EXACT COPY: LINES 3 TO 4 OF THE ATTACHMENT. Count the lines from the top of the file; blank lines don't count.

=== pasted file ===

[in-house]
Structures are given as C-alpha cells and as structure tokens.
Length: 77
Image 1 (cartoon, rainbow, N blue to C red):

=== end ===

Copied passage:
Length: 77
Image 1 (cartoon, rainbow, N blue to C red):